Indiana Abortion Law Helping Women Gets Supreme Court Hearing

State   |   Steven Ertelt   |   Jun 21, 2005   |   9:00AM   |   WASHINGTON, DC

Indiana Abortion Law Helping Women Gets Supreme Court Hearing Email this article
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by Steven Ertelt Editor
June 21, 2005

Indianapolis, IN ( — The Indiana Supreme Court held a hearing Tuesday on an abortion law intended to help women obtain information about abortion risks and alternative they normally do not receive from abortion businesses beforehand.

A lawyer representing the Clinic for Women abortion facility and other abortion businesses told members of the state’s high court that the law should be overturned because it violates women’s right to privacy.

However, attorneys for the state argued that privacy protections are not specific rights protected by state courts and it argued the state legislature should have the right to pass laws favored by a majority of Hoosiers.

According to the Associated Press, now that oral arguments have been presented the Supreme Court will determine whether the abortion businesses can move forward with their lawsuit to overturn the statute.

A Marion County judge dismissed the original lawsuit, but a state Court of Appeals reversed that decision.

A lawyer for the Indiana Civil Liberties Union, Ken Falk, claims the measure "isn’t to provide informed consent. It’s to undermine the woman’s decision to have an abortion."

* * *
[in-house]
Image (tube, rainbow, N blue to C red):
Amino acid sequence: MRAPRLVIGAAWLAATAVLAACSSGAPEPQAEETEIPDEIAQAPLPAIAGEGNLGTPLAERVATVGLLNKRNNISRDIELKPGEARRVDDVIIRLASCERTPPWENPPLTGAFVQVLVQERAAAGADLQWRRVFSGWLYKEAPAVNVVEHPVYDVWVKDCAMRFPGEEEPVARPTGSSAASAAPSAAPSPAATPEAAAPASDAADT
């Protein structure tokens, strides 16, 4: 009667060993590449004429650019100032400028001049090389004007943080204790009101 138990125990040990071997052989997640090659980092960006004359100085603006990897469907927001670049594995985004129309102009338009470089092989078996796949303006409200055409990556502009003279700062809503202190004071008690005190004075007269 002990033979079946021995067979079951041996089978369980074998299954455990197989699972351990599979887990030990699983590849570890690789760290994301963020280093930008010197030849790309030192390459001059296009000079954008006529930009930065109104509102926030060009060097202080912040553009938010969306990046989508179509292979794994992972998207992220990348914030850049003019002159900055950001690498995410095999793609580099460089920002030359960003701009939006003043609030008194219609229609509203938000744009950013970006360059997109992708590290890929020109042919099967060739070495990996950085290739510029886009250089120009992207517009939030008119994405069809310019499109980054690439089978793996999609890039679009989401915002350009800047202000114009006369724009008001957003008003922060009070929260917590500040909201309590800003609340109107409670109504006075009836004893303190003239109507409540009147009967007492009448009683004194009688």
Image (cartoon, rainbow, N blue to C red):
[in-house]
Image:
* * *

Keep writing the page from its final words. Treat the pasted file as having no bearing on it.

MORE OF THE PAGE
But defenders of the law point out that the state Supreme Court, in a different ruling, noted that the measure could help safeguard a woman’s health.

The 1995 law requires abortion practitioners to provide women considering abortion with information, in person and at least 18 hours prior to the abortion, regarding abortion’s risks, dangers and alternatives as well as materials on fetal development.

The fetal development pictures must show the unborn child at approximately the same age as the baby she is carrying.

Similar pro-life laws in other states have proven effective in reducing abortion significantly.

According to Thomas Fisher, special counsel to Indiana Attorney General Steve Carter, the High Court "had pretty well acknowledged that there is a link between this law and protecting the long-term psychological and emotional health of the pregnant woman."

Pro-life groups say they are disappointed, but not surprised, by the lawsuit.

"It is disturbing to see the extent that abortion providers will go to in trying to keep women from receiving informed consent when making an abortion decision," Indiana Right to Life executive director Mike Fichter told "The Indiana law is simply safeguarding a woman’s right to know the truth."

Related web sites:
Indiana Right to Life –